Thursday, February 25, 2010

Balls of Steel.

Mister Fixit rang me last night to tell me that he was okay but that he'd had a bit of a bingle on his way home from TAFE. He had rear-ended a car, and the motorbike had flipped under him causing him to go flying over the handlebars. He would have been completely fine (he tucked and rolled) except that as he sailed over the top of his bike he clipped one of the bike's mirrors so hard that it snapped off. That's gotta hurt you're probably thinking and yes I think it did hurt, particularly because the part of him that whacked that mirror so-hard-that-it-fell-off was his balls.

Now. You know how men are babies when they whack themselves in the knackers? Well, Fixit's adrenaline was running so high that despite the massive blow to his privates, he got straight up, assured all the other cars that he was fine, picked up his bike and got it off the road, picked up all the snapped-off bits of bike lying on the road, exchanged driver details with the car he'd hit and rang me to organise collection whilst only really registering that he had a bit of a stomach-ache.

Anyway. A couple of hours later, when he'd arrived home after all the palaver of getting the bike to a mechanic, we had a look and the damage was fairly awesome. Swelling and bruising doesn't quite convey the full picture so to help you with your mental image, let me say: Black (Inky black. All over. All. Over) and: Tennis ball. (Maybe even a bit bigger than a tennis ball, almost softball size.) You're welcome. Obviously we're not showing them anywhere but we just had to take photographs - his idea not mine - because despite the fact that he is now very sore and for the next fortnight I will be in no danger of being pestered for marital relations and he will be walking like a cowboy, the whole area is freakily impressive, in a very bad way. And the good news is there's no haemorrhaging or other problems, and as lots of people said to me, we had finished making children anyway.

So that, my friends, is the story of Ironballs Fixit. And he's not allowed to do it again.

Tuesday, February 23, 2010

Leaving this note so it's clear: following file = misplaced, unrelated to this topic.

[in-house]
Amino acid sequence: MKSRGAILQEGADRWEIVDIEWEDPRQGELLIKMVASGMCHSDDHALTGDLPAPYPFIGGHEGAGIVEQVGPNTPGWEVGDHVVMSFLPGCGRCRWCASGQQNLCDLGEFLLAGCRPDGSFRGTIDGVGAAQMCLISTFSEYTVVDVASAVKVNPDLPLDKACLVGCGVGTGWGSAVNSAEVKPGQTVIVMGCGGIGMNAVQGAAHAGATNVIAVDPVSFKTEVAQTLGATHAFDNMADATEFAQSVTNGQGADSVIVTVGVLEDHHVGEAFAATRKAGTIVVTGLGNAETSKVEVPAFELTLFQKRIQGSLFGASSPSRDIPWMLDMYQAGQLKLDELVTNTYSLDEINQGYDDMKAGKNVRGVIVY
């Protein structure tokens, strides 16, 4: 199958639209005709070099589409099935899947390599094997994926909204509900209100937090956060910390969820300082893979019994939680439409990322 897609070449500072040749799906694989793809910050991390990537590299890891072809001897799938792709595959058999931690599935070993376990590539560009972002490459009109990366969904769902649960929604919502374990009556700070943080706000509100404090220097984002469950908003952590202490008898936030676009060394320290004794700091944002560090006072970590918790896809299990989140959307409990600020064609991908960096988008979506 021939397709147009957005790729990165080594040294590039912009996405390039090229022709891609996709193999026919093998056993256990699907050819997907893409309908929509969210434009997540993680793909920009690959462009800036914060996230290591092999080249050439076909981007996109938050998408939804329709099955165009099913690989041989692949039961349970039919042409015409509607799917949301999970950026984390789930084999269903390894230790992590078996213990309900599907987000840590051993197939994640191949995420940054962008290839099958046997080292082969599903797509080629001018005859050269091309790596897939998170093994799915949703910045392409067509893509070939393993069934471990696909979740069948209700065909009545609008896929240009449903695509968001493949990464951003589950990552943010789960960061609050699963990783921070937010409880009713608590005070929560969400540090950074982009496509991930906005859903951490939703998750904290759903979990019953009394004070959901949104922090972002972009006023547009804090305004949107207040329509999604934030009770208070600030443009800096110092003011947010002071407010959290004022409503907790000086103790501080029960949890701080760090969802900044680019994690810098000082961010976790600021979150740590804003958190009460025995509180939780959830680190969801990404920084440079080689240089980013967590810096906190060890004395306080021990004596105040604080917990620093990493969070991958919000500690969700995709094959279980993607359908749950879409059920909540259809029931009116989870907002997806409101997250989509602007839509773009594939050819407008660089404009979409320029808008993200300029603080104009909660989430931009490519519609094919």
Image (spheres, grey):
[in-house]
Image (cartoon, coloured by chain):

So You Think You Can Sew

I made a skirt! I did. I bought a book, called Sew What! Skirts by Francesca DenHartog which guides you through all the requisite sewing techniques and gets you to draft your own pattern that exactly fits your measurements. It's a lovely book, with great instructions that I could mostly comprehend and follow, and once I've mastered the basics, the possibilities will be endless, she said confidently.

skirt side-on bunchiness

I decided to try the A-line skirt with elastic waist, thinking I'd do a really simple practice one first off, but then I couldn't help myself and added a lace trim round the bottom and a pretty fabric for the waistband. In a fit of madness I also decided that putting interfacing inside the waistband would be a good idea as it would make the waistband nice and stiff, but luckily my interfacing was old and came off fairly easily when I half sewed it up and discovered that the last thing you want in an elasticated waist is stiffness.

skirt front on

The waistband instructions were a bit beyond my non-technical brain but luckily I have Jenny on hand with her sewing nous and limitless patience and encouragement. And now that I've mastered *cough* the elastic waistband I'm pretty sure I'll try and get over my fear of zip-sewing because I'm not all that keen on how the elastic waist looks. If you can look past my dazzling model poses you may notice some bunchiness. Being Pollyanna I have put my faith in giving it a good wash and amazingly curing the problem. I love a miracle cure, me.

skirt looking weird

Also. I learned to stitch in the ditch which sounds a bit posh and roolly professional, and the second time I sewed the waistband this technique was coming along nicely. Truly it was. Well, except for a tiny bit at the front of this photo natch. Obviously if I was being graded on this skirt I'd lose major points there, but I'm fairly certain no-one will notice it in real life.

skirt close up

And nobody but me need ever see the abysmal job I made of hand-sewing the gap where the elastic was inserted. Possibly sewing as I sat in the car half-watching Cherub's tennis lesson was not the best idea, live and learn.

Thursday, February 18, 2010

Come on, Climber!

Tuesday was Climber's first ever swimming carnival, and I went along as a parent helper, which involved shepherding the kids as they walked to the pool, and reminding them every 5 minutes to put their hats and shirts back on. (It was quite surprising how often we had to say it.)

The kids have to be in Grade 4 or above, and able to swim 50 metres, to volunteer for the school swimming carnival. When the PE teacher first announced it to Climber's class and asked who wanted to participate, Climber refused, on the grounds that he didn't think he could cope with it being competitive - chiefly, I suspect, because he knows he's the sort of kid who desperately minds (and could easily cry) if he does badly, and obviously nobody wants that sort of shame or misery. In complete ignorance of this, I read the announcement in the school newsletter and got all enthusiastic, because I know he's quite a good swimmer, and in my head school swimming carnivals were a fun day out. I was therefore very surprised when he said he wasn't going to do it; the result of which was him having a little breakdown, because then he felt dreadful about letting me down. But we talked it through - several times - and agreed that (a) he was a good swimmer and ought to give it a go and (b) it would be impossible to disappoint me, even if he fell in at the start of the race and had to be pulled out with a net.